The COVID package will be the fifth legislative response to the pandemic and could well be the last one before the November election. The only other must-pass legislation on the agenda is a stopgap spending measure that should advance in September.

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Since May, Republicans controlling the Senate had kept the relief negotiations on “pause” in a strategy aimed at reducing its price tag. But as the pandemic surged back over the summer — and as fractures inside the GOP have eroded the party’s negotiating position — Republicans displayed some greater flexibility.

Even with signs of progress in the talks, the list of items to negotiate remains daunting.

McConnell’s must-have item is a liability shield from lawsuits for businesses, schools, and charities that reopen as the pandemic goes on. The GOP’s business allies are strong backers but the nation’s trial lawyers retain considerable clout in opposition. A compromise is probably a challenging but necessary part of a final deal.

Among the priorities for Democrats is a boost in food stamp benefits. Republicans added $20 billion for agribusinesses but no increase for food stamp benefits in their $1 trillion proposal. Meadows played a role in killing an increase in food aid during talks on the $2 trillion relief bill in March, but Pelosi appears determined. The food stamp increases, many economists say, provide an immediate injection of demand into the economy in addition to combating growing poverty.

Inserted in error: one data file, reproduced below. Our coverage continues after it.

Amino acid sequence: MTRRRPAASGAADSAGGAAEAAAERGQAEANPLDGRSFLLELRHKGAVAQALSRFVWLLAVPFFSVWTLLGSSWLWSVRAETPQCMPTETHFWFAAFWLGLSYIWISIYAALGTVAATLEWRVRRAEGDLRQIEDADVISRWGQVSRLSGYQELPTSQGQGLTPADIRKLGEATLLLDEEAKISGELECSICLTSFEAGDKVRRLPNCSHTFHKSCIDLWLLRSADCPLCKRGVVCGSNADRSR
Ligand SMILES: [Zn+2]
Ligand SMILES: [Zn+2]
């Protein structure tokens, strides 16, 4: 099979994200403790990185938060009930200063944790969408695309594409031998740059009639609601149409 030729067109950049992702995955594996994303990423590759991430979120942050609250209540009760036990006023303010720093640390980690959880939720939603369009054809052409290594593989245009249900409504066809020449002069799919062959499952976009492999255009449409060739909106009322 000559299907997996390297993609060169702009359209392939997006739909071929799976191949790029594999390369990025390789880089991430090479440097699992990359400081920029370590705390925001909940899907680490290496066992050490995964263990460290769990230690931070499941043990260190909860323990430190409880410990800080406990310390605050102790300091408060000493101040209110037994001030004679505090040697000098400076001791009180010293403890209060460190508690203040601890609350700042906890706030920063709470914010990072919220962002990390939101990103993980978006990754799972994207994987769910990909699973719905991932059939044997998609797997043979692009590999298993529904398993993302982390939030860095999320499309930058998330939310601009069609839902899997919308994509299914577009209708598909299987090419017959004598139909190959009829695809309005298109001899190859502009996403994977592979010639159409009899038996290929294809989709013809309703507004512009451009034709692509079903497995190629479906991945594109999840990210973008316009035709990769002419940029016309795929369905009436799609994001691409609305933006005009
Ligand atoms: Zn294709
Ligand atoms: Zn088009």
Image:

Food aid was the first item Pelosi mentioned in a letter to fellow Democrats apprising them of the progress.

“This is a very different kind of negotiation, because of what is at stake. Millions of children are food insecure, millions of families are at risk of eviction, and for the nineteenth straight week, over 1 million Americans applied for unemployment insurance,” Pelosi said.

Filed under Coronavirus ,  donald trump ,  lawmakers ,  mitch mcconnell ,  nancy pelosi ,  unemployment ,  8/1/20

News Source: New York Post

Tags: donald trump lawmakers mitch mcconnell nancy pelosi unemployment jobless benefit

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Trump eyes weekend executive order if coronavirus relief talks stall

President TrumpDonald John TrumpLincoln Project ad dubs Jared Kushner the 'Secretary of Failure' Pence: Chief Justice Roberts 'has been a disappointment to conservatives' Twitter bans Trump campaign until it deletes tweet with COVID-19 misinformation MORE said Thursday that he would likely move forward with an executive order on coronavirus relief later this week if the White House and Congress do not make progress in their negotiations. 

Trump told reporters the executive order would come "probably tomorrow afternoon" or the following morning. He made the remarks at Joint Base Andrews before departing for a trip to Ohio for official and campaign business.

Trump acknowledged that a legislative deal was still possible but the two sides but the two sides remain far apart on both the top line dollar amount and specific provisions of the legislation.